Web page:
The molecule responsible for hangovers is ethanol, which we colloquially refer to as alcohol. Ethanol is present in all alcoholic beverages, and generally speaking, the more ethanol, the greater the potential for a hangover. The symptoms and severity can vary depending on weight, age, genetics, and other factors. But still, hangovers generally share some common and unpleasant features. So how exactly does alcohol cause a hangover? And is there any way to reliably prevent one?
Effects of hangovers?
Alcohol slows down the communication between neural cells. After someone has had their last drink, as the concentration of alcohol in the blood drops back to zero, the brain rebounds from sedation and swings in the other direction, entering a hyperactive state. This may lead to the tremors or rapid heartbeat associated with hangovers. It also makes sleep shorter and less restful than normal. But these effects are just the beginning.
Impact on hormones
Alcohol impacts so many of the body’s processes, throwing delicate balances off-kilter. And even the most familiar hangover symptoms have surprising contributors. For example, alcohol disrupts levels of many hormones. One of those hormones is cortisol. Normally, fluctuating cortisol levels help regulate wakefulness throughout the day and night. So the disruption in cortisol during a hangover may cause people to feel groggy or disoriented.
Another hormone alcohol interferes with is vasopressin, which normally decreases the volume of urine made by the kidneys. By decreasing levels of vasopressin, alcohol causes people to pee more and become dehydrated. Dehydration can lead to thirst, dry mouth, weakness, lightheadedness, and headache, one of the most common hangover symptoms. In addition to dehydration, hangover headaches can result from alcohol’s influence on chemical signaling in the brain, especially on neurotransmitters involved in pain signaling. Alcohol can also damage mitochondria, which are responsible for producing the ATP that gives us energy. This may contribute to the fatigue, weakness, and mood disturbances experienced during a hangover.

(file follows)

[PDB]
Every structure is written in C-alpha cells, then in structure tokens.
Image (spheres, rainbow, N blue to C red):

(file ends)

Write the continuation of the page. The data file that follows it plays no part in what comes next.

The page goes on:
Meanwhile, alcohol stimulates the immune system, leading to inflammation that can damage cells within the brain, affect mood, and impair memory. And it can irritate the gastrointestinal tract and inflame the lining of the stomach and intestines. Alcohol may also slow down stomach emptying, which could lead to increased production of gastric acid. This is why alcohol can cause stomach pain, nausea, and vomiting.
Flavours in alcoholic for hangovers
Alcoholic drinks also contain other substances that are produced during the fermentation process that give the drink its specific flavor. Some evidence suggests that one of these, methanol, is particularly bad for hangovers. The body doesn’t start metabolizing methanol until it’s done processing ethanol. And when it does, the toxic metabolites of methanol may potentially worsen the hangover symptoms.
Beverages that are closer to pure ethanol, such as gin and vodka, may cause fewer hangover effects. Meanwhile, the presence of flavoring ingredients in beverages like whiskey, brandy, and red wine, may make these kinds of alcohol cause more hangover symptoms. So, the choice of alcoholic beverage matters, but any of them can cause hangovers, simply because they all contain alcohol.
Do common hangover remedies actually work?
Drinking water and electrolyte beverages can help reduce symptoms related to dehydration. And eating, especially carbs can help replenish the glucose levels alcohol reduces. But ultimately, the only sure way to prevent a hangover is to drink alcohol in moderation or not at all.